10/15/2007

WWAC

We all have a "back story" and part of mine is what my new story project will focus on. And, I feel so fortunate there are a number of things happening that play right into helping me reconnect with another time.

This year there are several major "review" exhibitions of the art work of famous feminist women artists from the 1970s. WACK first opened in Los Angeles and now is the main show at the National Museum of Women in the Arts. Next month, Claiming Space, the show of feminist art that Mary Garrard and Norma Broude have curated opens at the Katzen Art Gallery at American Washington, DC. Seeing these works will be like "old home week for me" - I saw them when they were first shown, often in spaces not nearly so toney as the Katzen Center and the Women's Museum. Now, 30 plus years later, this cream rises to the top.

Next week I am going on a private group tour of WACK which will be led by feminist art historian and my friend, Jospehine Withers. There is no one I would rather hear talk about these works and place them in personal and historical context. Josephine is leading this tour for Veteran Feminists of America on the day of their reception in Washington. They are honoring the women in the Washington Area, "Feminists Who Changed America. 1963 - 1975" who are listed in a book of the same title. I am pleased and delighted my name is among those listed and I will be attenting the reception at the Sewall-Belmont House and Museum in the evening.

By gathering at the Sewall Belmont House this group reconnects with the women of the earlier Suffrage Movement. This lovely historic home within walking distance of the Supreme Court and the Capitol was once the home of pioneering sufragette, Alice Paul. I have been there a number of times and even organized a meeting held here when I was working as ERA Campaign Director for the National League of Women Voters of the US.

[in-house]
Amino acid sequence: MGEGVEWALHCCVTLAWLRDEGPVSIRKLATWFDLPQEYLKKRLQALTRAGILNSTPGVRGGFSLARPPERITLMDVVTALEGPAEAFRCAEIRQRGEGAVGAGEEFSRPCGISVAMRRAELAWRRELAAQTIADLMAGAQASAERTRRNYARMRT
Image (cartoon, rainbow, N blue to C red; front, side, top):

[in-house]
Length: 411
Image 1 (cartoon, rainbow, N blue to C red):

Josephine Withers was one of four women who founded the Washington Women's Arts Center in the early 1970s. They created a space where women artists could carve out a career during a time when the art world was male dominated and opportunites for women were not equal. The Center was not just about hanging your art work or experimenting with new forms and visions; it was a training ground, a place to learn the business skills so important for establishing a career in the arts.

It was also a professional and supportive community for women artists in the Washtington area.


The Washington Women's Arts Center will have to be the second stop on my journey. I became involved in th Center in 1974 and it became the central focus of life as an artist. Notice, I have the keys.

(personal note: I loved wearing that crocheted poncho that Mama made for me. During the 1970s she was in her crochet-phase. She made afghans for everyone in her family - I guess that would be about 25. When she moved on to ponchos she asked me what colors I wanted. I told her red and purple. She made it work - because she added the repeating narrow green stripe. I could see where my "color sense" came from. <em>I wore it so often that there are stacks of photographs of me that look like they were all taken the same year

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